June 29, 2018 IN:
Southeast Asian American Advocates and Allies Storm Capitol Hill to Denounce Family Separation, Push for Education, Health Reform
Photo courtesy Stephen Bobb Photography.
Washington, D.C. – Community organizers, students, and professionals representing a range of public services from across the country gathered in Washington, D.C., from June 20-22 for the Southeast Asia Resource Action Center’s 19th annual Leadership and Advocacy Training (LAT) Program. Coinciding with a worsening immigration crisis at the nation’s border along with anti-immigrant proposals under consideration by Congress, the program trained participants on communicative strategies to push their elected officials toward action on a number of policy priorities, including rejecting family separation. The advocates used these newly developed skills in 40 meetings on Capitol Hill, where they sat down with their elected officials and congressional staffers to discuss issues affecting the Southeast Asian American community.
During the three-day event held at the National Education Association building, 44 participants representing 14 states and 33 congressional districts celebrated their refugee legacy by sharing personal stories of discovery, adversity, loss, hope, and resilience. This year, the program’s curriculum incorporated three possible tracks -education, health, and immigration-covering such topics as data disaggregation, the Affordable Care Act, and detention and deportation policies.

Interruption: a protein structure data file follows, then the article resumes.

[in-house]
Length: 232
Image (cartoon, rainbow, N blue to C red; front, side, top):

The program enabled Linda Chang, a prospective medical school student from Rosemead, CA, to share her experience navigating the complicated health care landscape with Rep. Judy Chu (CA-27). Chang’s family is still recovering from a Stage 2 breast cancer diagnosis given to her aunt, a nail technician who relied on Medicaid to finance her chemotherapy. After Chang’s uncle worked a minimum wage assembly line job to help with the cost, they were stunned to learn they earned $200 more than the threshold to qualify for Medicaid, and that the lifesaving cancer treatment would be delayed for a month. “LAT gave me the space and support to really understand how my story reflects what needs to be done when asking for policy support,” said Linda, adding that she served a critical role as her aunt’s and uncle’s interpreter and translator. “I feel really privileged to be able to gain that knowledge.”
Chhon Iv, a father of two from Pensacola, FL, has a deportation order after having already completed a prison sentence 10 years ago. While the United States hasn’t deported him to Cambodia yet, Iv worries about being separated from his wife, children, parents, and siblings-all of whom are American citizens. “We have a new president,” he said. “Things are getting serious and scary.”
Through LAT, Chhon sat down face to face with his Republican Congressman, Rep. Matt Gaetz (FL-1), and asked him to reconsider deportation policies that tear families apart. “I see people in my situation, and they’re fighting for the same cause,” Iv said. “SEARAC opened my eyes to the fight for all immigrants, and it really touches me. I’m not just fighting for myself. I’m part of a united SEAA community, and we won’t be quiet.” Chhon says he plans to follow up
with Gaetz in the coming weeks.
SEARAC advocates at the highest levels of national and California state government to call for justice and equity for Southeast Asian American communities, as well as all immigrants and communities of color. We invest in building powerful individual advocates and resilient community-based organizations who fight collectively for our community’s needs and uplift our strengths.
Since 1999, SEARAC has graduated more than 1,000 advocates from 22 states through our annual Leadership & Advocacy Training program. Next year, the LAT program will celebrate its 20th anniversary.